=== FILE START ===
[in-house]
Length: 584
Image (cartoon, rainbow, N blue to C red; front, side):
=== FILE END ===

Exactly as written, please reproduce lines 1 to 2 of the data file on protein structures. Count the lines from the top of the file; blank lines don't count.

[in-house]
Length: 584